Then the day after that, she texted again to say that her assistant had forgotten to thank the spirit and had lost the card again. IT seems that the card never turned up again; it would be hard to imagine a more pointed message about how to deal with spirits!

The second painted stone I gave to another friend, who has a little experience of working with spirits. He loves a busy life and had no plans to get close to the spirit in the near future.

However, the next time we spoke, he told me that he found something he didn't even realise was missing: a pair of socks appeared under his bed mattress.

I think we can all agree that that was a low-value find. But one way to look at what happened there is to see this as a low-level demonstration by Andromalius of his powers and his readiness to relate to my friend. This is a friendly spirit, along the lines of, 'Here, I can help with that.' But like any human helper, he expects acknowledgement, he wants to be appreciated.

And he expects a bit more than some publicity on Facebook, and some painted stones. He expects me to change.

To be continued...

Thursday, 24 August 2017

Composting For All; the enigmatic poems of Hubert Tsarko

This is less an objective reviewer's review and more a plug for a friend's book. But my friend John, the man behind Hubert Tsarko, really is a decent poet, and worth a look if you value mysterious wordcraft.

John has been growing as a poet for the thirty-odd years I've known him. This is his first collection, which goes to show what a long time poets take to mature. I travelled with him back in our youth, through the South of France, picking grapes and drinking their pressed fermented product, talking about writing and occasionally doing some.

On our way to castrate maize in Riscle (the title of one of the poems in this collection), in the wake of an ill-advised Mercury invocation intended to speed up the hitch-hiking, we got our lift, with a man who stole our bags and papers. On the table in the café he left us a plastic diary, which I took up and used as my own diary until it was full. I still have it somewhere. That summer and autumn was a richly interesting chain of experiences, but I never took up la vie routiére as a lifestyle the way John did.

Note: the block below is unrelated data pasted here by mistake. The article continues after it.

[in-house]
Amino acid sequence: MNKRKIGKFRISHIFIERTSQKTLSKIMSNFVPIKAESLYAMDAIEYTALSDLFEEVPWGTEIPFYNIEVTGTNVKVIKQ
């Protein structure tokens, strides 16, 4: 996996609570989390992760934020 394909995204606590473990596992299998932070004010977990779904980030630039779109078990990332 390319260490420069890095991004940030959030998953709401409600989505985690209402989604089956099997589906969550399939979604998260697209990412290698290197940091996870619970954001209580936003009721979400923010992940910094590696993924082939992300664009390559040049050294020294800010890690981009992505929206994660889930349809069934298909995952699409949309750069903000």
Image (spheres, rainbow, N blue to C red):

This is a collection of the realistic alchemized into the thoroughly dreamlike. Or more accurately: the inner world as it is painted upon towns, lovers, bars, rooms, arguments. Poetry as something embedded in the immediate sensory world and yet existing outside of time, in some more real realm. An incredibly private world made by skill into something enjoyable for certain others.

The titles of these poems give us some idea of what to expect, but not everything: Places from the wanderings of a full time artist, tiny incidents such as 'The Cat Sat On My Glasses' (which in itself contains an unexpected glance into a world that may be either burglary or bondage), ironical or dreamlike detournements of stock phrases and titles, such as 'The Life That Lives on Man' or, invoking loathing, 'Final Solution'.

One of my favourite poems is East. I love the ending, and somehow it fits the tone of the whole collection:

There must be an attic

somewhere he could
fill with paraphernalia
and solitary intentions

Bless your solitary intentions John.